What is the average life expectancy of a heat pump?
Saturday, June 1, 2019
While not an exact predictor, average lifespan is still a valuable piece of information. Here’s the average lifespan for different types of air conditioners:
- Split System Heat Pump Condenser (outside unit) - 10 to 16 years
- Split System Heat Pump Air Handler (inside unit) - 14 to 18 years
- Ductless (Mini-Split) Heat Pump - 10 to 16 years
- Package Units Heat Pump- 10 to 16 years
- Heat Pump Window Unit - 5 to 8 years
Although the condenser (outside unit) of a split system tends to have a shorter life than the air handler, because a replacement condenser must now be matched for performance (by the manufacturer or certified by an engineer) with the indoor evaporator coil portion of the air handler, the evaporator coil unit may have to also be replaced when the condenser fails.
Regular maintenance is a good way to beat the odds and make your heat pump system last longer, and most HVAC contractors offer a service plan with annual or twice a year visits.
Many people refer to both an air conditioner ("straight cool” or “cooling”) and a heat pump as simply an “air conditioner,” but an air conditioner requires an electric resistance heat coil or combination with a gas or oil furnace for heating, whereas a heat pump can reverse the flow of refrigerant to heat the home. Most heat pumps have electric resistance heat anyway as a backup for very cold days.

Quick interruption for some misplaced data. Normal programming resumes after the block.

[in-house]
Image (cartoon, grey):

Here’s our comparison chart with the average life expectancies of different types of air conditioners, along with other appliances that provide heating and ventialation for a home.
Also see our article How can I make my Florida air conditioner last longer? Go to our blog post What is the average lifespan of the parts of a house? for rating of other house components. To understand the basis, potential use, and limitations of lifespan ratings, see our blog post ”How accurate are the average life expectancy ratings of home components? Are they actually useful?”
To learn more about heating and air conditioning systems, see these other blog posts:
NOTE: These life expectancies are based on data provided by InterNACHI, NAHB, FannieMade, and our own professional experience. Because of the numerous variables that can affect a lifespan, they should be used as rough guidelines only, and not relied upon as a warranty or guarantee of future performance.
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